Colorado prosecutors oppose Saudi’s deportation
The Associated Press
CENTENNIAL — Prosecutors are citing the investigation into the slaying of Colorado’s prisons director as a reason to keep a Saudi national convicted of sexual abuse behind bars in the U.S.
Homaidan al-Turki, convicted in 2006 of sexually abusing his housekeeper, is seeking to be released from prison and deported to Saudi Arabia to serve probation.
During a court hearing on his request Friday, prosecutor Ann Tomsic told a judge that if al-Turki is deported, authorities would not be able to bring him back to the U.S. if investigators found a link between him and the shooting death of Tom Clements this year.
Her comments came a day after testimony suggesting that investigators haven’t found any connection.
Al-Turki’s lawyer, Norman Mueller, said his client should be allowed to serve probation at home because he’s a model inmate, is considered a low risk for reoffending and has been separated from his family for eight years.
A ruling on the latest transfer request is expected within two months.
Thursday’s testimony marked the first time corrections officials publicly acknowledged that al-Turki was investigated in Clements’ slaying. Clements was killed in March outside his home about a week after denying an earlier transfer request from al-Turki.
In an April lawsuit, al-Turki alleged that officials improperly leaked word that a “main working theory” in the murder investigation was that Clements was killed in retaliation.
Authorities say former Colorado inmate Evan Spencer Ebel was found with a gun that matched the one used to shoot Clements.
Ebel, a member of a white supremacist gang, died in a shootout with Texas authorities two days after Clements was killed.
Al-Turki’s lawyers raised the investigation of Clements’ death while questioning Angel Medina, assistant director of the Colorado Department of Corrections. Medina was not asked whether al-Turki had been formally cleared in the death.
But Medina said no misconduct was reflected on a subsequent assessment of the prisoner.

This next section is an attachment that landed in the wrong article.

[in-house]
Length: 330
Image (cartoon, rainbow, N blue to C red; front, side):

Medina did not say why al-Turki was investigated.
Paul Hollenbeck, an associate director of the state Corrections Department, testified Thursday that Clements was prepared in January to grant al-Turki’s transfer. However, the transfer was denied after an FBI agent contacted the Department of Corrections saying he had information about al-Turki, Hollenbeck said. Hollenbeck didn’t elaborate on what the agent said or why the transfer was denied.
Al-Turki is serving eight years to life in prison after his conviction on unlawful sexual contact by use of force, false imprisonment and other charges — all in the case involving his housekeeper, whom authorities say he treated as a virtual slave.
Al-Turki has denied the charges, saying he is a victim of anti-Muslim sentiment inflamed by the terrorist attacks of 9/11.
Al-Turki has been transferred to a federal prison in Tucson, Ariz., in part because of the notoriety of the Clements investigation, Medina said.
Support Local Journalism
Support Local Journalism
As a Summit Daily News reader, you make our work possible.
Now more than ever, your financial support is critical to help us keep our communities informed about the evolving coronavirus pandemic and the impact it is having on our residents and businesses. Every contribution, no matter the size, will make a difference.
Your donation will be used exclusively to support quality, local journalism.
Start a dialogue, stay on topic and be civil.
If you don't follow the rules, your comment may be deleted.
User Legend: Moderator Trusted User